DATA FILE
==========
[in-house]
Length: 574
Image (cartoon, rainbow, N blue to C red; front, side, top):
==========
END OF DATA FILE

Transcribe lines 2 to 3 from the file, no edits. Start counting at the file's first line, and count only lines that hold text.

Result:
Length: 574
Image (cartoon, rainbow, N blue to C red; front, side, top):